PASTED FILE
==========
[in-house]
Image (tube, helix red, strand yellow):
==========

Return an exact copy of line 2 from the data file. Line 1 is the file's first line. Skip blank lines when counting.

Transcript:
Image (tube, helix red, strand yellow):